The story of the Jewel Tower – one of the last remaining parts of the medieval Palace of Westminster – is told in a new exhibition at the historic property. Now in the care of English Heritage, the tower – located to the south of Westminster Abbey, was built in 1365 to house King Edward III’s treasury, later used as King Henry VIII”s ‘junk room’, the record office for the House of Lords, and, from 1869, served was the “testing laboratory” for the Office of Weights and Measures. The exhibition, which opened this month, is part of the English Heritage celebrations commemorating the centenary of the 1913 Ancient Monuments Act. The Jewel Tower is open daily until November. Admission charge applies. For more, see www.english-heritage.co.uk.

See some of the earliest underground trains, a Lego version of Baker Street station and ride the Acton Miniature Railway. The London Transport Museum’s depot in Acton is holding it’s annual spring open weekend this Saturday and Sunday and in celebration of the Underground’s 150th anniversary, attractions will include the Metropolitan Steam Locomotive No. 1 and the recently restored Metropolitan Carriage 353 along with model displays, rides on the miniature railway, film screenings, talks, and workshops. Wales’ Ffestiniog Railway team – celebrating their own 150th anniversary – will also be present with the narrow gauge train, Prince. Open from 11am to 5pm both days. Admission charge applies. For more, see www.ltmuseum.co.uk.

Now On: Designs of the Year. The Design Museum has unveiled contenders for the sixth annual Designs of the Year competition and you can what they are in this exhibition. Consisting of more than 90 nominations spanning seven categories, the nominated designs include the Olympic Cauldron by Heatherwick Studio, The Shard – western Europe’s tallest building – by Renzo Piano, a non-stick ketchup bottle invented by the Varanasi Research Group at MIT, and Microsoft’s Windows phone 8. The exhibition runs until 7th July – the winners will be announced this month. Admission charge applies. For more, see www.designmuseum.org.

Originally installed as a grand entrance to Buckingham Palace, John Nash’s arch was moved to its current location, what is now effectively a traffic island not far from Speaker’s Corner in nearby Hyde Park, in 1851.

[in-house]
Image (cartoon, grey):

The story goes that this took place after it was discovered that the arch was too narrow for the widest of the new-fangled coaches but there are some doubts over this, particularly as the gold state coach passed under it during Queen Elizabeth II’s coronation in 1952. Another story says that it was moved after extensions to Buckingham Palace left insufficient space for it.

Work on the arch had started at Buckingham Palace in the mid 1820s and it was completed by 1833. It was originally moved to replace Cumberland Gate as the new entrance to Hyde Park and to complement Decimus Burton’s arch at Hyde Park Corner. Successive roadworks in the 20th century, however, left it in its current position.

Clad in Carrara marble, the design of the arch was inspired by Rome’s Arch of Constantine and the Arc do Carrousel in Paris. The sculptural ornamentation, which includes works by Sir Richard Westmacott and Edward Hodges Baily, however, was apparently never completed and an equestrian statue of King George IV, originally destined for the top of the arch, instead now stands in Trafalgar Square. The bronze gates – which bear the lion of England, cypher of King George IV and image of St George and the Dragon – were designed by Samuel Parker.

Only senior members of the Royal family and the King’s Troop Royal Horse Artillery are permitted to pass under the central arch of the monumental structure.

The arch stands close to where the Tyburn Tree once stood (for more on this, see our earlier post). It contains three small rooms which, up until the 1950s housed what has been described as “one of the smallest police stations in the world”.

There was some talk in 2005 that the arch would be moved to Speaker’s Corner but this obviously hasn’t eventuated.